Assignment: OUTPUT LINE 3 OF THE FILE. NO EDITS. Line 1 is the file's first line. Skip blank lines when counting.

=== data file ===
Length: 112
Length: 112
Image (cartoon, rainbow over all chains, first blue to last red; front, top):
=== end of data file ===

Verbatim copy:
Image (cartoon, rainbow over all chains, first blue to last red; front, top):